Biofuels can replace fossil-fuels, paper packaging can substitute plastics, biochemicals can replace fossil-based chemicals in industry and more wood in construction can be better for the environment than using concrete.
UPM uses a lot of energy in its operations, but luckily it has access to great renewable fuels. Early in 2020 UPM signed a major deal with the German wind power company wpd to supply clean wind energy to paper mills. Logging residues and wood by-products can also be used as fuel in UPM factories, and currently about 70% of the company’s fuels are biomass-based. Additionally, the company has a target to improve energy efficiency by 1% annually.
The third pillar of meeting the 1.5°C commitment is climate positive forestry. In many ways climate positive forestry is the least understood aspect of UPM’s business, but it is also critically important.
In Finland, UPM’s forests have an annual carbon sink of 1.3 million tonnes of CO2eq.
Photo: Elisa, Unsplash
More trees mean more carbon sinks
UPM has about 850,000 hectares of company forests – mostly in Finland and Uruguay – and manages another 1.1 million hectares of private forest in Finland. To put this into perspective, this is almost equivalent to the size of Slovenia.
“Over the past fifty years we have doubled our growing stock in Finland, as measured in cubic metres of wood,” says Sauli Brander, SVP, UPM Forest. “This is a large carbon sink, so we need to manage it properly.”
UPM’s forests in Finland are semi-natural and mostly consist of spruce, pine and birch trees which have an annual carbon sink of 1.3 million tonnes of CO2eq during the last five years. In Uruguay the forests are plantations of eucalyptus trees. These are vastly different types of forests, but they are both managed with the future in mind. A key principle is not to harvest more than you grow.
“In 1990 we established our plantations in Uruguay on land that hadn’t been covered by forests since the 1500s,” says Sami Oksa, Director, Stakeholder Relations, UPM Forest. “Now we have 40 million tonnes of carbon sequestered in the Uruguay plantations and the carbon storage is still increasing.”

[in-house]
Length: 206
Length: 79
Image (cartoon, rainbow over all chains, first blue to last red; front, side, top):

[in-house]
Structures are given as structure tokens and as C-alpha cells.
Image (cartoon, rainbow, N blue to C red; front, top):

Research has found that forests ravaged by fire can be emitters of CO2.
Photo: Landon Parenteau, Unsplash
Proper forest management
UPM plays no part in deforestation; forests are always regrown after harvesting. New trees can be encouraged to regenerate naturally, or nature can be helped along by sowing seeds or planting seedlings. UPM has three nurseries that produce about 50 million seedlings annually. These strong, healthy seedlings can grow twice as fast as a normal seed. The faster they grow, the faster they absorb carbon dioxide from the atmosphere.
Yet forests aren’t simply planted and then ignored. The Finnish forests are managed through a thinning process over their rotation time. Some trees are selectively harvested from an area, allowing more light to the remaining trees. They, in turn, are healthier and grow faster.
Actively thinned forests can sequester more carbon than unmanaged forests, which may be unhealthy due to damage. This was noted in Canada, where a national study found forest lands managed for timber were carbon sinks but those ravaged by fires or insects were net emitters of CO2.
Sustainable forestry in the new bioeconomy
“All of our own forests are certified either by the PEFC™ or FSC® (FSC®-C109750), and usually by both,” says Brander. “Certification is a voluntary step above and beyond what is required by law. This is so end-users know that we practice sustainable forestry.”
Forests are the second largest absorber of CO2 after the oceans. They will play a major role in combating human-induced climate change, as long as they are properly managed.
“Sustainable forestry is a climate positive endeavour,” says Brander. “UPM is part of the new forest industry, the new bioeconomy. We are replacing fossil-based products by offering renewable and recyclable alternatives, made of wood. I think what we are accomplishing is an excellent story and everyone at UPM should be proud of our climate positive forestry.”
Text: David J. Cord